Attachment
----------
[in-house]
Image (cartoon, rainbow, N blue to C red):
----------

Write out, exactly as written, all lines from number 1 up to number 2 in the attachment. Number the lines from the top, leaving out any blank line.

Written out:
[in-house]
Image (cartoon, rainbow, N blue to C red):